Mr Professional came out about the time the last calf got away so we opted to push them back to the barn but they had ran down to their old stomping grounds. They were wild, crazy, panting and drooling and would not go where they needed so Annmarie just called it off, we will do it later, they were too stressed. Unfortunately, our plan to just let the calves go did not work, we were missing one. So the five of us searched the area, I used the tractor, and Mr Professional found the calf at the far end of the driveway down by the cattle guard. This is looking more and more like I need to put in the double gates down by the in-laws house so when we work animals we can close the gates and keep them from running and hiding from us. This didn’t make the to do list but it keeps coming up as an option. It took six hours to do all of that, sort the eaters and sort off the bull and put him in with the females. We also pulled off three breeders from the feeders who were hanging out in field#4 and tossed them in with the bull. He should be happy now! He has been locked away for over six months. The one nutter and a steer are now in Alcatraz as there are a couple of young heifers in the feeder herd. We have seven cows for sale this year, a one nutter and a ground beef only 15 year old cow are in that total. We really have handling the sheep down to an art, and working the cows is an act of frustration. I have added a corral remodel to the list. We need to create another pen, a calf chute and a place for the calf table to reside so we can work easily and keep all of the calves contained. This means actually drawing up some plans, taking some actual measurements and then gathering all of the materials. I already know we will need to custom create at least three gates but most likely five to fit the new configuration. I want the chute to be smaller, our current one is 24” wide, so I am thinking 16”-18”. I want it too small for the adult cows to enter, so it should probably only be 16”. I will need to chain the entrance to keep it from spreading and maybe even put a chain lower down so the adults would have to bend down to get lined up on the narrow opening. This can only happen in the spring when the ground is soft enough to really make drilling holes with the auger easy.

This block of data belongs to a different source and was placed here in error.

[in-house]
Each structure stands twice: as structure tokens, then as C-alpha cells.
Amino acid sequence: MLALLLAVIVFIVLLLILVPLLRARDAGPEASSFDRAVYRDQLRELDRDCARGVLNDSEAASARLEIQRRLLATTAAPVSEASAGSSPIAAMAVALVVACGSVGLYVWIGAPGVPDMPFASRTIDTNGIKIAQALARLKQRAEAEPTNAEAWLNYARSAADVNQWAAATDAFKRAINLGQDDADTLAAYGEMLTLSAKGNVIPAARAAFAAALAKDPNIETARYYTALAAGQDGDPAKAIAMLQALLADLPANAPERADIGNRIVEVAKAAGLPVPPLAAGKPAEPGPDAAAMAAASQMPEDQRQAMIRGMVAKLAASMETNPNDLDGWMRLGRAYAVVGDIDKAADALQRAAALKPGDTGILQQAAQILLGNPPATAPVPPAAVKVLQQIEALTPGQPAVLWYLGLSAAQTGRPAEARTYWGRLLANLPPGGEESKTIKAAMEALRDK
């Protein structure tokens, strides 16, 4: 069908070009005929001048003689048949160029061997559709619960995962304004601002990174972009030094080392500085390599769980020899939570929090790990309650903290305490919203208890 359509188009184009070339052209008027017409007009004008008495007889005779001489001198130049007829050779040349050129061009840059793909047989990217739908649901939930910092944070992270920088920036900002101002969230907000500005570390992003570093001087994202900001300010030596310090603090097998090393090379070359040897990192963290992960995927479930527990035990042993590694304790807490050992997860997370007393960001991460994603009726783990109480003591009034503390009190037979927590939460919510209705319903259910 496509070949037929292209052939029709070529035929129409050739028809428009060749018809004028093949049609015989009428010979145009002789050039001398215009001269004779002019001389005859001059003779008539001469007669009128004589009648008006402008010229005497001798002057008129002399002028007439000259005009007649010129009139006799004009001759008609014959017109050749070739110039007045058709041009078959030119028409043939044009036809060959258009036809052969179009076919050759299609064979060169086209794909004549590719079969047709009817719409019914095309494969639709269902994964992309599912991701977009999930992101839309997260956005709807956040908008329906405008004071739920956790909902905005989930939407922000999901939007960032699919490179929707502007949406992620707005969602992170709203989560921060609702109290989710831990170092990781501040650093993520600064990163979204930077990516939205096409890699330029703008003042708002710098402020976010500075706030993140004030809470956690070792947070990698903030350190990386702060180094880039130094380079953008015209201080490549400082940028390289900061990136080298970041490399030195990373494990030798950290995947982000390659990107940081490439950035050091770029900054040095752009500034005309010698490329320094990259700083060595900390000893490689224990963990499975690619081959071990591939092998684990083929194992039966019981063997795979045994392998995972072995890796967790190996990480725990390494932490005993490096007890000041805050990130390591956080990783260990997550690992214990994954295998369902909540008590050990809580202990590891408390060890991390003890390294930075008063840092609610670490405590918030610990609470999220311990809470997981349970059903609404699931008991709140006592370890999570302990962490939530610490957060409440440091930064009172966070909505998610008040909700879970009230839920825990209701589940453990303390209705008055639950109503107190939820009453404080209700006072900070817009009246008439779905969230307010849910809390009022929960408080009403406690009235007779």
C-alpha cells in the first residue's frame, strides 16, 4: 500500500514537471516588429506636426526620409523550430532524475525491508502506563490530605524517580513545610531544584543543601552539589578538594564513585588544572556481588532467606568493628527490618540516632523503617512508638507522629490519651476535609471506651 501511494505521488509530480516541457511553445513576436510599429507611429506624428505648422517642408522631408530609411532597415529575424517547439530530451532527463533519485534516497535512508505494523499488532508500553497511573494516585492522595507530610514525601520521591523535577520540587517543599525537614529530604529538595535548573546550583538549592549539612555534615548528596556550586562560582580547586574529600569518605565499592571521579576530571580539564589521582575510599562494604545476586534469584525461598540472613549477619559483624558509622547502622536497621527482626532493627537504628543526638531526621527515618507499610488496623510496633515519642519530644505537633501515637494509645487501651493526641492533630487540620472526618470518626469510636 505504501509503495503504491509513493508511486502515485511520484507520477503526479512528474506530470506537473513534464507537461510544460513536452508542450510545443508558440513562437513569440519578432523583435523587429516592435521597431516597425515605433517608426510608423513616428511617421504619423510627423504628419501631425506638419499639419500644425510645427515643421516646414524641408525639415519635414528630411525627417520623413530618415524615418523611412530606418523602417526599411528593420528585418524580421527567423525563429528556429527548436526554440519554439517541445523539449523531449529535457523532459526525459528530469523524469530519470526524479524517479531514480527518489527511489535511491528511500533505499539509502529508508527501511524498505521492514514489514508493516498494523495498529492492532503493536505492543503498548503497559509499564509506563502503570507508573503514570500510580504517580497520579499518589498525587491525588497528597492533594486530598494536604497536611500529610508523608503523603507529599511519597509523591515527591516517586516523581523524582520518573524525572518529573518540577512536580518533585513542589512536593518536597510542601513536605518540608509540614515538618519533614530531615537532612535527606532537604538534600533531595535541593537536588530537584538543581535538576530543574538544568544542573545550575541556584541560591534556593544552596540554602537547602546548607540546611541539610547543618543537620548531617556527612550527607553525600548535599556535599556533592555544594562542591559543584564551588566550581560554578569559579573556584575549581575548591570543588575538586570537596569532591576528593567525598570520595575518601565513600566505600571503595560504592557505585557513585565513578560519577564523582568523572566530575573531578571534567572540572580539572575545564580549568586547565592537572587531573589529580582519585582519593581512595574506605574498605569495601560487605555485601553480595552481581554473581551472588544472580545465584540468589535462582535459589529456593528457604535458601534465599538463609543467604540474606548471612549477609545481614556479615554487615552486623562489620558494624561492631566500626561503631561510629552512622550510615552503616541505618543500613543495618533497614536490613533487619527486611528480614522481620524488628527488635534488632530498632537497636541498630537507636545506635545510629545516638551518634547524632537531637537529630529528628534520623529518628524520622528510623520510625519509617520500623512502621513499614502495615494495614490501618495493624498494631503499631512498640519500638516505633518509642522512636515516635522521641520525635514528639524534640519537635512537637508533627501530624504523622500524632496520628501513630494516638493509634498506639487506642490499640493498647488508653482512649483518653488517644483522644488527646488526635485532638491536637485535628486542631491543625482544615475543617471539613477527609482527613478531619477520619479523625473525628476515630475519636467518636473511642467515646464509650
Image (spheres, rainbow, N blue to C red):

Mr I Need a Belt Bad and I ate lunch then we talked about him weeding the garden and porch area. We still need to work on our communication. Annmarie tells me I did not let him give me a stop time, I asked for a job time estimate and he said an hour, I figured two for the job. I paid him for the day and then went out to turn hay, while I was hooking up the rake he left, after an hour. I suspect he had already given a stop time to his ride but that was not communicated to me. So I have a new plan, quitting time is 1630, every day he comes out. This just makes it easier on all parties and we all know the stop time. Sometimes I forget what it is like to be around teenagers, then they remind me. One would think after all these years and countless teenagers I would have this down to a science but they are all different and it takes a while to get things figured out.
I went out and finished turning the hay, I love the smell. Plus, we have a set of baby deer twins that are cat sized! They are very tiny and very cute. The birds love all of the grain and the hawks love the voles that get disturbed. It is very peaceful to just go around in circles, listen to a book on tape (nothing educational, pure pleasure) and drink water/gatorade. In the morning I will start baling and get it all ready for someone else to pickup and put in the barn.